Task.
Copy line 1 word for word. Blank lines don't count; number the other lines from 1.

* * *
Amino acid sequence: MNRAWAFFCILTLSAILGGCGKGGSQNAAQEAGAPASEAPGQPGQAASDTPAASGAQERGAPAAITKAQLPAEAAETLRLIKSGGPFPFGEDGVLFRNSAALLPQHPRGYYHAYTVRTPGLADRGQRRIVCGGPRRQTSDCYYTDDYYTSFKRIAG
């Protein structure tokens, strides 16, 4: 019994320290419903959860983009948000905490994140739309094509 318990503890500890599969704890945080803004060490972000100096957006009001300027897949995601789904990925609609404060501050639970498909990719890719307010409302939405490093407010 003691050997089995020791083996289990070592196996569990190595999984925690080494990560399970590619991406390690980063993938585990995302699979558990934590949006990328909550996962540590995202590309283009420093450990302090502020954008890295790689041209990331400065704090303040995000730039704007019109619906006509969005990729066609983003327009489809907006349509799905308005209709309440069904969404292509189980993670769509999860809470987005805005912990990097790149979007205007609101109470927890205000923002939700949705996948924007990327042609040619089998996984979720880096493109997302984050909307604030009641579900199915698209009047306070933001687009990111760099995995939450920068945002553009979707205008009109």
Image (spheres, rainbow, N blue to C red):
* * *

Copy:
Amino acid sequence: MNRAWAFFCILTLSAILGGCGKGGSQNAAQEAGAPASEAPGQPGQAASDTPAASGAQERGAPAAITKAQLPAEAAETLRLIKSGGPFPFGEDGVLFRNSAALLPQHPRGYYHAYTVRTPGLADRGQRRIVCGGPRRQTSDCYYTDDYYTSFKRIAG